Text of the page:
Thoughts on Holocaust Memorial Day
Today is Holocaust Memorial Day. Although it is generally commemorated as a remembrance of the Nazis’ attempt to exterminate the Jews, and although the word holocaust is now generally thought of in only that context, it extends far beyond that one religious group and race. It was just one part (albeit a major part) of Hitler’s desire to eliminate all people who threatened his belief in and plans for the “Aryan” master race.
Anyone whom he perceived as a threat to himself, his beliefs, or his continuance in power became a victim of the Holocaust. The oft-cited estimate of six million victims is woefully short of the real figure. Six million (and that is probably a conservative estimate) represents only the Jewish victims. There were millions of non-Jewish victims as well, including gypsies (aka, Roma), Christians, the physically and mentally impaired, political opponents, and others. Hitler was especially virulent against anyone (even members of his master race) who opposed his regime on moral or religious grounds (e.g., Dietrich Bonhoeffer).
But such atrocities are not unique to Nazi Germany. They are part and parcel of all totalitarian regimes throughout history. Think of the many examples from just twentieth century: Consider life in the Soviet Union under Lenin and Stalin and their labor camps, gulags, and mass executions. Think of Mao’s murdered millions during the Communist revolution in China and the later purges of the Cultural Revolution. Think of the Khmer Rouge in Cambodia and Idi Amin in Uganda. And repression in Communist Cuba. Think of the radicalism of ISIS and all of its forerunners and clones.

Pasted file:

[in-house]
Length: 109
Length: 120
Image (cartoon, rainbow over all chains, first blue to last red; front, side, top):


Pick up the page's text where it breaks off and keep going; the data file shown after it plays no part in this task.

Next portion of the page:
Think of those historical events and consider: It could happen here, and more quickly and more easily than we think. Consider the virulent hatred exhibited toward people of faith today. Consider the violence committed against various segments of our population when juries don’t return the “right” verdict or the “right” candidate is not elected.
German pastor Martin Niemoller wrote the following during the broader Holocaust, and it is food for thought even today:
“First they came for the Socialists, and I did not speak out—because I was not a Socialist. Then they came for the Trade Unionists, and I did not speak out—because I was not a Trade Unionist. Then they came for the Jews, and I did not speak out because I was not a Jew. Then they came for me—and there was no one left to speak for me.”
“Eternal vigilance is the price of liberty” (attrib. Thomas Jefferson).
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